But generally actually flat through the year, maybe down from the summer a bit. But in general, flat, flattish. Which when the global line looks like this, hey, sometimes stable is a good thing. So, were people posting less because of this? And on average, the answer is no. We see that 1.1 posts power day, generally consistent throughout the entire year. A little bit quieter in the winter, particularly in December. Also a little bit of a blip there in July as well. And again, this is across 1,500 companies. This is a thing that in the summer, there are just maybe five to ten percent fewer posts on a monthly basis, at least in the middle of the summer there. At least in the northern hemisphere.

So, as we saw, is everyone declining? No. Are most people declining? Yes, absolutely. I went on a hunt. Pick one of the top performing industries like food and beverage and try to go find companies that saw either flat or growth throughout the year. And I will tell you, it was a little bit of a hunt. But my job is to find you examples that sort of buck the trend. And let’s see what we can go learn. Hi-Chew. How many of you are familiar with Hi-Chew? This is some chewy, taffy, sugar candy thing. My gym has these.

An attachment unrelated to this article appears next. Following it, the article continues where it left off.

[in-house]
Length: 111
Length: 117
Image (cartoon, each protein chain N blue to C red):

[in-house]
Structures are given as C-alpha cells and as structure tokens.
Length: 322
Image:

It seems very contrary to fitness and then eating kind of sugar bumps. But they’re delicious. My kids love them. I love them. And I was happy to find them here that they were, A, in our study, and B, that they were one of the companies bucking the trend. So, food and beverage, they make…this is a processed candy in a bag. You buy it at the grocery store or Walgreens and Target as I learned from their social media. They published in the entirety of the year, 205 Facebook posts. So, well less than one per day. And they saw on average a .35% engagement rate per post.